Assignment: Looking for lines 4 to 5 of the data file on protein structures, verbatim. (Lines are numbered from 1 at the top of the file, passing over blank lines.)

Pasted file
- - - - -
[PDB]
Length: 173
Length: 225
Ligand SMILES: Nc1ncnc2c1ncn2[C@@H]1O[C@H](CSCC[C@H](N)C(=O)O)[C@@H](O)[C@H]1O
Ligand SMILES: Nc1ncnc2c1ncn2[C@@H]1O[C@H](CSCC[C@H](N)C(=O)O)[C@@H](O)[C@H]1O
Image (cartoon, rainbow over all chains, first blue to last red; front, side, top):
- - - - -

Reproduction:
Ligand SMILES: Nc1ncnc2c1ncn2[C@@H]1O[C@H](CSCC[C@H](N)C(=O)O)[C@@H](O)[C@H]1O
Ligand SMILES: Nc1ncnc2c1ncn2[C@@H]1O[C@H](CSCC[C@H](N)C(=O)O)[C@@H](O)[C@H]1O